Discussion in 'Fox 5.0 Mustang Tech' started by Teal_Deal, Feb 1, 2008.
Never mind the hall effect, i thought we were still talking about no spark.lol
So you guys think i can just tie all the grounds together?
Revised 04-Oct-2012 to revise computer ground description into one paragraph
Grounds are important to any electrical system, and especially to computer controlled engines. In an automobile, the ground is the return path for power to get back to the alternator and battery.
1.) The main power ground is from engine block to battery: it is the power ground for the starter & alternator.
2.) The secondary power ground is between the back of the intake manifold and the driver's side firewall. It is often missing or loose. It supplies ground for the alternator, A/C compressor clutch and other electrical accessories such as the gauges.
Any car that has a 3G or high output current alternator needs a 4 gauge ground wire running from the block to the chassis ground where the battery pigtail ground connects. The 3G has a 130 amp capacity, so you wire the power side with 4 gauge wire. It stands to reason that the ground side handles just as much current, so it needs to be 4 gauge too.
The picture shows the common ground point for the battery , computer, & extra 3G alternator ground wire as described above in paragraph 2. A screwdriver points to the bolt that is the common ground point.
The battery common ground is a 10 gauge pigtail with the computer ground attached to it.
Picture courtesy timewarped1972
Correct negative battery ground cable.
3.) The computer's main power ground (the one that comes from the battery ground wire) uses pins 40 & 60 for all the things it controls internally: it comes off the ground pigtail on the battery ground wire. Due to its proximity to the battery, it may become corroded by acid fumes from the battery.
In 86-90 model cars, it is a black cylinder about 2 1/2" long by 1" diameter with a black/lt green wire.
In 91-95 model cars it is a black cylinder about 2 1/2" long by 1" diameter with a black/white wire.
You'll find it up next to the starter solenoid where the wire goes into the wiring harness.
4.) All the sensors have a common separate signal ground. This includes the TPS, ACT, EGR, BAP, & VSS sensors.
5.) The O2 sensor heaters have their own ground (HEGO ground) coming from the computer. This is different and separate from the O2 sensor ground. It is an orange wire with a ring terminal on it. It is located in the fuel injector wiring harness and comes out under the throttle body. It gets connected to a manifold or bolt on back of the cylinder head.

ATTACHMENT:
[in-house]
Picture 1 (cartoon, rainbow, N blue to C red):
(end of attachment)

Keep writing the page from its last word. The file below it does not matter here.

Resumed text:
6.) The TFI module has 2 grounds: one for the foil shield around the wires and another for the module itself. The TFI module ground terminates inside the computer.
7.) The computer takes the shield ground for the TFI module and runs it from pin 20 to the chassis near the computer.
See http://assets.fluke.com/appnotes/automotive/beatbook.pdf for help for help troubleshooting voltage drops across connections and components. Be sure to have the maximum load on a circuit when testing voltage drops across connections. As current across a defective or weak connection, increases so does the voltage drop. A circuit or connection may check out good with no load or minimal load, but show up bad under maximum load conditions. .
Extra grounds are like the reserve parachute for a sky diver. If the main one fails, there is always your reserve.
The best plan is to have all the grounds meet at one central spot and connect together there. That eliminates any voltage drops from grounds connected at different places. A voltage drop between the computer ground and the alternator power ground will effectively reduce the voltage available to the computer by the amount of the drop.
Rear mounted battery ground wiring. Follow this plan and you will have zero
One 1 gauge or 1/0 gauge wire from battery negative post to a clean shiny spot
on the chassis near the battery. Use a 5/16” bolt and bolt it down to make the
rear ground. Use a 1 gauge or 1/0 gauge wire from the rear ground bolt to a clean
shiny spot on the block.
One 4 gauge wire from the block where you connected the battery ground wire to
the chassis ground where the battery was mounted up front. Use a 5/16” bolt
and bolt down the 4 gauge engine to chassis ground, make sure that it the metal
around the bolt is clean & shiny. This is the alternator power ground.
The computer has a dedicated power ground wire with a cylindrical quick connect
(about 2 ½”long by 1” diameter. It comes out of the wiring harness near the
ignition coil & starter solenoid (or relay). Be sure to bolt it to the chassis ground
in the same place as you bolted the alternator power ground. This is an
absolute don’t overlook it item for EFI cars
Note: The quick disconnect may have fallen victim to damage or removal by
a previous owner. However, it is still of utmost importance that the black/green
wires have a high quality ground..
Picture courtesy timewarped1972
Crimp or even better, solder the lugs on the all the wire. The local auto stereo
shop will have them if the auto parts store doesn't. Use some heat shrink tubing
to cover the lugs and make things look nice.[/quote]
Your great jrichker! b4 i read this grounding post though i split the ground from the tps sensor to a new good ground, and BAM! car starts! rough as hell as i have so many new parts to work on, and get my timing set. But i ran out of light so another day tomorrow!